JOHN FLETCHER, an English dramatic writer, the son of the preceding, is said to have been born in Northamptonshire, in 1576, while his father was dean of Peterborough, but as this does not correspond with his age at the time of his death, it is more probable he was a native of London, a person of that name and place being admitted pensioner of Bene't college, Oct. 15, 1591, when he must have been about fifteen, the usual age of admission in those days. He was made one of the bible clerks in 1593, but, his further progress in the university cannot be traced, nor how long he remained in it. On his arrival in London he became acquainted, and wrote plays jointly with Beaumont; and Wood says that he assisted Ben Jonson in a comedy called "The Widow." After Beaumont's death, which happened in 1615, he is said to have consulted Shirley, in forming the plots of several of his plays; but which those were, we have no means of discovering. Beaumont and Fletcher, however, wrote plays in concert, though it is not known what share each bore in forming the plots, writing the scenes, &c.; and the general opinion is, that Beaumont's judgment was usually employed in correcting and retrenching the superfluities of Fletcher's wit. Yet, if Winstanley may be credited, the former had his share likewise in the drama, in forming the plots, and writing the scenes: for that author relates, that these poets meeting once at a tavern, in order to form the rude draught of a tragedy, Fletcher undertook to kill the king; and that his words being overheard by a waiter, they were seized and charged with high treason: till the mistake soon appearing, and that the plot was only against a theatrical king, the affair ended in mirth. Some farther, and perhaps preferable, remarks on their respective shares may be seen in our account of Beaumont (vol. iv.) Fletcher survived Beaumont some years, but died of the plague at London in 1625, and was interred in St. Mary Overy's church in Southwark. Sir Aston Cockaine among his poems has an epitaph on Fletcher and Massinger, who, he tells us, he both buried there in one grave; though Wood informs us, from the parish-register there, that Massinger was buried, not in the church, but in one of the four yards belonging to it. For a judgment upon this author, Edward Philips observes, that "he was one of the happy triumvirate of the chief dramatic poets of our nation in the last foregoing age, among whom there might be said to be a symmetry of perfection, while each excelled in his peculiar way: Ben Jonson in his elaborate pains and knowledge of authors; Shakspeare in his pure vein of wit and natural poetic height; and Fletcher in a courtly elegance and genteel familiarity of style, and withal a wit and invention so overflowing, that the luxuriant branches thereof were frequently thought convenient to be lopped off by his almost inseparable companion Francis Beaumont." Dryden tells its, that Beaumont and Fletcher's plays in his time were the most pleasing and frequent entertainments, two of theirs being acted through the year for one of Shakspeare's or Jonson's; and the reason he assigns is, because there is a certain gaiety in their comedies, and a pathos in their most serious plays, which suits generally with all men's humours. The case, however, is now reversed, for Beaumont and Fletcher are not acted above once for fifty times that the plays of Shakspeare are represented. Their merit, however, is undoubted; and though it could not avert the censure of the cynical Rymer, has been acknowledged by our greatest poets. Their dramas are full of fancy and variety, interspersed with beautiful passages of genuine poetry; but there is not the nice discrimination of character, nor the strict adherence to nature, that we justly admire in Shakspeare.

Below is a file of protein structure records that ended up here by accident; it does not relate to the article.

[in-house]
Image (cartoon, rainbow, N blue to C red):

Some of Beaumont and Fletcher's plays were printed in 4to, during the lives of their authors; and in 1645, twenty years after Fletcher's death, there was published a folio collection of them. Another edition was published in 1711, in seven volumes, 8vo. Another in 1751, in ten volumes, 8vo. Another by Colman, also in ten volumes, in 1778.